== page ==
Intel and Berkeley announce nano-cooling breakthrough

January 24, 2014 | 11:50

Tags: #berkeley #carbon-nanotubes #chemistry #chip #heatsink #microchip #microprocessor #physics #semiconductor

Companies: #intel #research

Researchers from the University of California at Berkeley and Intel claim to have made a breakthrough in the cooling of microchips, using a combination of carbon nanotubes and organic molecules to create a highly efficient connection between a chip and its heatsink.

Dealing with heat is a serious issue facing the semiconductor industry. As chips get faster and smaller, you find yourself having to sink large amounts of heat from ever-shrinking components. Previous research had suggested that carbon nanotubes could work as a highly efficient conduit for this heat, but the challenge lay in finding a method for getting the heat across to the nanotubes in the first place.

'The thermal conductivity of carbon nanotubes exceeds that of diamond or any other natural material but because carbon nanotubes are so chemically stable, their chemical interactions with most other materials are relatively weak, which makes for high thermal interface resistance,' explained Frank Ogletree, a physicist at Berkeley Lab's Materials Sciences Division and leader of the study - meaning where the highly-efficient nanotubes meet the device to be cooled is unfortunately inefficient. 'Intel came to the Molecular Foundry wanting to improve the performance of carbon nanotubes in devices. Working with Nachiket Raravikar and Ravi Prasher, who were both Intel engineers when the project was initiated, we were able to increase and strengthen the contact between carbon nanotubes and the surfaces of other materials. This reduces thermal resistance and substantially improves heat transport efficiency.'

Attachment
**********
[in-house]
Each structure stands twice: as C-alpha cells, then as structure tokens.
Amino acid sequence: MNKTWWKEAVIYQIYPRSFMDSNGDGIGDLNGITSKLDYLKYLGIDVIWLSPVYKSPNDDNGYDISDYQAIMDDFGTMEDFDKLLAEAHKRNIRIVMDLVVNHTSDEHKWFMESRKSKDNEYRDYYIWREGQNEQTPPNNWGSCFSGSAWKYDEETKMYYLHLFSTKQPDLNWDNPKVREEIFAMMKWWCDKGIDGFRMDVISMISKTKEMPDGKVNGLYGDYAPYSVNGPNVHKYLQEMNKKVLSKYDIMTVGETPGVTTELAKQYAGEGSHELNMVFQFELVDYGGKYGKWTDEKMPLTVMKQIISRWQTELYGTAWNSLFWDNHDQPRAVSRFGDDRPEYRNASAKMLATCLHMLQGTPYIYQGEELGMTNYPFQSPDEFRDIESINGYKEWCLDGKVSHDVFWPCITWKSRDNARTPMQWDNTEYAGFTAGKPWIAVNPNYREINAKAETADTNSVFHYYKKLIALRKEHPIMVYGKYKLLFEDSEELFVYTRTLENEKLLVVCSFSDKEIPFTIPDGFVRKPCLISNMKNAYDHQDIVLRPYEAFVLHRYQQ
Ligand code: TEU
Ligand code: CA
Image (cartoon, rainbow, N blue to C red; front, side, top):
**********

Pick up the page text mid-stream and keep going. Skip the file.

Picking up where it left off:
The new method works by using organic molecules to form strong covalent bonds between the carbon nanotubes and metal surfaces - the molecular equivalent of using thermal paste between a heatsink and a processor - and has impressive results: compared to previous methods, the new system allows for a six-fold increase in heat flow from the metal to the nanotubes. As an added bonus, the method uses nothing more than gas vapour or low-temperature liquid chemistry - meaning it can easily be integrated into the production process of modern chips.

Despite this, the team hasn't finished: in testing, the process was found to connect only a small portion of the nanotubes to the metal surface; in future, it's hoped that the density of contacts can be improved to further boost the efficiency of heat transfer.

The team's work is to be published in the journal Nature Communications. Thus far, Intel has not indicated whether it plans to commercialise the technology in the near future.
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